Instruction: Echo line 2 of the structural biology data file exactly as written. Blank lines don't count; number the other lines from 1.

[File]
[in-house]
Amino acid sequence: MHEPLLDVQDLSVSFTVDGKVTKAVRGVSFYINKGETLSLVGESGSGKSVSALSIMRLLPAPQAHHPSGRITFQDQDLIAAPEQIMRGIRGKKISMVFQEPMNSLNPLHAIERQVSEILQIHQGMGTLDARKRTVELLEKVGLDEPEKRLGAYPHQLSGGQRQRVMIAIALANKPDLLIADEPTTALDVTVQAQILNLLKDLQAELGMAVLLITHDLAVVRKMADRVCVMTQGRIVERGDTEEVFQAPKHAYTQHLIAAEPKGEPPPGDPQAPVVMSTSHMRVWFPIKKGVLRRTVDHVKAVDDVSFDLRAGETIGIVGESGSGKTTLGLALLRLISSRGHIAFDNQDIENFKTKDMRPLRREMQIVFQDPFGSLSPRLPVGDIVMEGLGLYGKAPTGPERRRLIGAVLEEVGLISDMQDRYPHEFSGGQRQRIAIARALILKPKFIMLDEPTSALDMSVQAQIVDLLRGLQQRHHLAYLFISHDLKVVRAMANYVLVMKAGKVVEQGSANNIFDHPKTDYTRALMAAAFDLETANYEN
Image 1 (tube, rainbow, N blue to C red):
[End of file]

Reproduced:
Amino acid sequence: MHEPLLDVQDLSVSFTVDGKVTKAVRGVSFYINKGETLSLVGESGSGKSVSALSIMRLLPAPQAHHPSGRITFQDQDLIAAPEQIMRGIRGKKISMVFQEPMNSLNPLHAIERQVSEILQIHQGMGTLDARKRTVELLEKVGLDEPEKRLGAYPHQLSGGQRQRVMIAIALANKPDLLIADEPTTALDVTVQAQILNLLKDLQAELGMAVLLITHDLAVVRKMADRVCVMTQGRIVERGDTEEVFQAPKHAYTQHLIAAEPKGEPPPGDPQAPVVMSTSHMRVWFPIKKGVLRRTVDHVKAVDDVSFDLRAGETIGIVGESGSGKTTLGLALLRLISSRGHIAFDNQDIENFKTKDMRPLRREMQIVFQDPFGSLSPRLPVGDIVMEGLGLYGKAPTGPERRRLIGAVLEEVGLISDMQDRYPHEFSGGQRQRIAIARALILKPKFIMLDEPTSALDMSVQAQIVDLLRGLQQRHHLAYLFISHDLKVVRAMANYVLVMKAGKVVEQGSANNIFDHPKTDYTRALMAAAFDLETANYEN